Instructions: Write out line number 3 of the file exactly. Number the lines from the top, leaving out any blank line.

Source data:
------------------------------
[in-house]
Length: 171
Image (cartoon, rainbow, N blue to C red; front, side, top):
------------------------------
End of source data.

Image (cartoon, rainbow, N blue to C red; front, side, top):